Aside from getting, setting and dropping key-value pairs from the database, you can also traverse the BTree structure one key-value pair at a time.
Cursors must be created in the context of an active transaction
with/ensure-transaction body). A cursor is made
through a call to the
make-cursor method of the BTree you wish
to traverse. You must ensure that the cursor gets closed when
the stack is unwound; it's best to use the convenience macro
with-btree-cursor instead of
An existing cursors can also be duplicated within the same transaction
cursor-duplicate which avoids the overhead of
setting a second cursor to the same location.
Cursors can be in two states: initialized and uninitialized. BTree Cursor API for details.
To initialize a cursor, you have to use one of the initializing functions to select a key-value pair in the btree.
cursor-last: initialize the cursor to the first and last element of the btree, respectively.
cursor-set-range: Sets the cursor to the first key-pair values according to the specified key. If the set fails, the cursor will remain uninitialized. The ranged set will set it to the first key-value pair where the key is equal to or greater than the key argument.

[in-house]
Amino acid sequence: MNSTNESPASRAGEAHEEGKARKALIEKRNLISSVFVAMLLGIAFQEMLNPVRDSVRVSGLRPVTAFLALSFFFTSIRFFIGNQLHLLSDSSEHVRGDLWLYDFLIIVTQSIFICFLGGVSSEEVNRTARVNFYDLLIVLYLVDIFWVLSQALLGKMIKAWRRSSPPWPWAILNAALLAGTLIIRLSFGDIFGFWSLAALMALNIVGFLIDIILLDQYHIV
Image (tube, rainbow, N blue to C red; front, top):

A valid cursor will return multiple values:
value). The first argument tells whether or not the cursor is
initialized and pointing at a proper value. The second two arguments
cursor-current returns the current state of the cursor, nil if
it is uninitialized.
Once a cursor is properly initialized, it can be incremented or decremented, a simple constant-time operation on BTrees.
cursor-prev move the cursor a single step
forward or back across the sorted key-value pairs.
moves in ascending order,
cursor-prev in descending order.
Finally cursors can be used for side effects on the current key-value
pair. The function
cursor-put replaces the value (but does not
increment the current value) and
cursor-delete deletes the
key-value pair and become uninitialized. It is a valid operation to
(setf get-value) method while the cursor is active to
change the value at the current cursor.
If cursors take place within a transaction, what happens when traversing a very large BTree? This depends on the data store policy regarding whether a cursor read locks its entire btree (or the subset that is being iterated over) or allows changes to any pairs its transaction has not changed. See your data store documentation for details.